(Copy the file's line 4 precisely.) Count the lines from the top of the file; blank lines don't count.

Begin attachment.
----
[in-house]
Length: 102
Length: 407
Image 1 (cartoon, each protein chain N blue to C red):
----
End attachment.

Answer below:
Image 1 (cartoon, each protein chain N blue to C red):